US Court has ruled that warrantless search of phones, laptops and other other devices is no longer permitted as it is a violation of the Fourth Amendment.
A federal court in Boston has ruled that arbitrary searchers of travelers’ devices violate the Fourth Amendment. The ruling comes in a lawsuit filed by the American Civil Liberties Union (ACLU) and the Electronic Frontier Foundation (EFF) on behalf of 11 travelers who had their phones and laptops searched without reasonable suspicion at the US ports of entry.
Prior to the ruling, Customs and Border Protection (CBP) had the authority to search travelers’ phones, laptops, tablets, etc., without requiring a warrant, something many consider to be a breach of privacy. There have been numerous reports about border officers conducting abusive searches. The 11 plaintiffs (10 of whom are US citizens) on whose behalf ACLU and EFF have filed the lawsuit have been subject to searches without reasonable suspicion. Nursing student Nadia Alasaad, who wears headscarf for religious reasons, was asked to provide the passcode to her phone, which contains photos of her without a headscarf. When asked to have a female officer check the phone, she was told it would take hours for one to arrive, thus forcing her to leave her phone in the custody of border officers. Harvard freshman Ismail B. Ajjawi had his phone and laptop searched, and when border officers found social media posts made by Ajjawi’s friends criticizing the US goverment, he was denied entry into the country.
33,000 warrantless searches have been conduced in 2018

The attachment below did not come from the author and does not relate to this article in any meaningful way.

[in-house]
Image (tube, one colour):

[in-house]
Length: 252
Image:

While many find such searchers a breach of privacy, the US goverment has described warrantless device searches at border points as critical to protecting America, and believe travelers crossing in and out of the US have no Fourth Amendment rights defending them against unwarranted searches. The CBP has reportedly conducted more than 33,000 searchers in 2018, almost four times the number from three years prior. CBP has said that these searches have provided evidence to help combat terrorist activity, child pornography, violations of export controls and visa fraud.
The EFF has called the ruling a major victory for privacy rights at the border, and border officers will now have to demonstrate individual suspicion of illegal contraband before they can access travelers’ devices.
“Agents and officials must have reasonable suspicion to conduct any search of entrants’ electronic devices under the “basic” searches and “advanced” searches as now defined by the CBP and ICE policies. This requirement reflects both the important privacy interests involved in searching electronic devices and the Defendant’s governmental interests at the border,” District Court Judge Denise J. Casper wrote in the ruling.
“This ruling significantly advances Fourth Amendment protections for millions of international travelers who enter the United States every year,” Esha Bhandari, a state attorney with the ACLU’s Speech, Privacy and Technology Project said. “By putting an end to the government’s ability to conduct suspicionless fishing expeditions, the court reaffirms that the border is not a lawless place and that we don’t lose our privacy rights when we travel.”